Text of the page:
This new, seemingly insignificant temperature discrepancy was indeed quite consequential in that it changed a cogent bellwether for climate change science and policymaking: worldwide temperature trends and records. Changing the hottest year on record from 1998 to 1934 is not what you'd call "insignificant," especially when that statistic is used as a cornerstone in climate change debates and subsequent decisions on emission policies. Solid science sells; dubious research though cries wolf. It's important that, during this crucial time of dealing with our changing climate, momentous milestones and climate markers be confidently solidified before presenting a case concerning drastic change to the public, and especially to decision-makers drenched with doubt. Lest we forget, it was only thirty years ago that Time and Newsweek published articles fearing we were heading into another ice age, which still fuels doubt among many in policy-making positions.

This then brings into question not the things that we know we know, but instead, things we don't know that we don't know, often referred to as Black Swans. Until the 17th Century, Western culture thought that all swans were white, until one day, an Australian species was found to be nearly black as night. This set the Western field of ornithology (bird study) on its head (or beak), and forever changed the way many waterfowl genera were determined. Hence, we often don't realize those things in the unknown, especially in the field of science. Yet when they occur, they take us by complete surprise, which has happened more than once this year in the field of climatology. Within just the past few months, more doubt has been cast upon the amount of anthropogenic (human-induced) influence on global warming, which I discussed a bit in two blogs that you can find here and here. And now that the crux of climate change (temperatures) has not only come into question but also found to have endured a scientific faux pas, what else could be lurking in the land of Black Swans and other unforeseeable climate change unknowns?

As humans, once we've made a decision, we innately seek out things that'll confirm our conclusions. We also tend to avoid things that'll disconfirm our beliefs, thus avoiding the dissonance of being wrong. It's human nature, and this trait, also known as confirmation bias, plagues us all—scientists and laypeople alike. So when it comes to news containing even the slightest hint of skepticism, the story is often unheard—not because of some ominous conspiracy, but simply due to individual confirmation bias mixed with the fear of losing headline ratings. No news agency wants to take the leap and be the Doubting Thomas, thus becoming singled out as a public whipping boy that could lose journalistic integrity (and subsequent ratings, sales, and advertising revenue). If though the media is reluctant to alert we the people of such news (as in the case of the questionable NASA temperatures), does this not escalate global warming bias into policy predilection? If we're not informed on the whole truth, then what kind of decisions can be expected from those in high places in whom we trust? Is it fair to promote only those things that fit within the media's story du jour and seen as in vogue? This kind of half-truth reporting has another name: propaganda.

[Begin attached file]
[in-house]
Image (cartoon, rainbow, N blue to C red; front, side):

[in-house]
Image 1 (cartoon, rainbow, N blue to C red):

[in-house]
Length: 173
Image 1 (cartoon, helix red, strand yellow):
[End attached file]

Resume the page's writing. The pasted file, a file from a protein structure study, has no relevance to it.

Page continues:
The media though is not entirely to blame. NASA can shoulder onus as well, as the information concerning their miscalculations has been kept in obscurity; no press releases were issued by the space agency, and no public announcements were made either, even after NASA conceded to McIntyre's findings and subsequent tweaks to their climate data. While NASA in the past has been quick to highly publicize "hottest year ever" kind of news (like this and this), the reversal of their original record-breaking claims has yet to be announced.

The media, as well as researchers affected by confirmation bias may opt to ignore controversial issues that go against the grain of headline popularity, but I, for the sake of searching for the whole truth, won't. Our planet deserves better.